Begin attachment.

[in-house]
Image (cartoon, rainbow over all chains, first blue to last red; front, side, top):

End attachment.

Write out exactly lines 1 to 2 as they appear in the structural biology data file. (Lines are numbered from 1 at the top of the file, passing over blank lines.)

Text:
[in-house]
Image (cartoon, rainbow over all chains, first blue to last red; front, side, top):